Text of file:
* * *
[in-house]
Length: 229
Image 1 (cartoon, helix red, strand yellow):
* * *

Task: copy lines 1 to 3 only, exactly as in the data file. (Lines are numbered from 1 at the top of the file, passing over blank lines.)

[in-house]
Length: 229
Image 1 (cartoon, helix red, strand yellow):